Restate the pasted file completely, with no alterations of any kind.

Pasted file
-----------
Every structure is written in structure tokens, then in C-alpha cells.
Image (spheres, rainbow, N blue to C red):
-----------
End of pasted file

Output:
Every structure is written in structure tokens, then in C-alpha cells.
Image (spheres, rainbow, N blue to C red):